TUNZA magazine talks to Dame Kelly Holmes, Britain's golden girl
Kelly Holmes sprinted to victory twice at the 2004 Olympic Games in Athens, winning the 800m and the 1,500m, only the third woman in Olympic history to achieve the double. After a career dogged by ill-timed injuries, the 35-year-old former army sergeant beamed and lifted her arms in triumph as she won her second gold medal.
A recent poll voted the picture that captured this moment Britain's favourite photograph, beating Neil Armstrong's first steps on the moon, Prince Charles and Princess Diana's wedding kiss, and the Beatles crossing Abbey Road.
Honoured by being made a Dame (Britain's female equivalent of a knighthood), Kelly Holmes has also been voted the UK celebrity most likely to inspire people to do voluntary or charity work. She's currently working with Sportability, a disabled sports charity, two children's cancer treatment specialist units at University College London Hospital (UCLH), and a women's breast cancer charity. She also mentors 12 British junior potential athletes through a programme called 'On Camp with Kelly' and promotes sport and fitness in townships in South Africa, where she trained for two years with fellow sprinter Maria Mutola of Mozambique.
Dame Kelly attributes much inspiration to working with Mutola, who became Mozambique's first-ever gold medallist at the 2000 Olympic Games in Sydney on winning the 800m. Mutola, who overcame enormous odds as a young runner from a shanty town, has become a national role model, and has set up the Maria Mutola Foundation to provide scholarships, kit and coaching to promising young athletes.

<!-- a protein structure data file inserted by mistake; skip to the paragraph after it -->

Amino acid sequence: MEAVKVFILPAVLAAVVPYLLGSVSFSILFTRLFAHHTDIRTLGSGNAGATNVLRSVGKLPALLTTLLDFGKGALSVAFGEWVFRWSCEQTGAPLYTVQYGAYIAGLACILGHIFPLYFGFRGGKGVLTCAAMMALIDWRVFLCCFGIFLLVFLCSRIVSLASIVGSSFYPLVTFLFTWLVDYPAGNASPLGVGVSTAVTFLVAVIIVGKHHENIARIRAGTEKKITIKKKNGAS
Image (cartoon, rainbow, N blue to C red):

Much has been made of the international spirit of the Olympic Games. Do you believe that the cooperation and friendship shown between athletes from developed and developing countries can influence the way governments interact?
I believe that sport has no barriers and is the perfect avenue for interaction between developed and developing countries. The Olympic spirit has no boundaries - no matter what race, colour, religion or background. It brings everyone together to show solidarity, commitment, determination and passion and should be used as the stepping stone to build bridges of peace all over the world.
What would you say to people who protest that international sporting events like the Olympics favour athletes from richer backgrounds - who have the benefits of time, coaching and facilities - over those who lack such training opportunities?
I don't think the Olympics favour any one nation. Yes, some athletes have more opportunity to develop, but everyone who has ability and the will to succeed is likely to make it no matter what. Less-developed countries often do not have as stringent qualifying rules to enable everyone a fair chance of reaching their goals.
How do you think that young athletes - and youth in general - can best encourage North-South cooperation in their own countries?
It is important that the youth of today are fully informed of events around the world and make their own decisions and judgements on North-South relationships, rather than adhering to historic prejudices possibly held by older generations. When young sportspeople meet to compete against each other, they have an ideal opportunity to create strong and lasting friendships.
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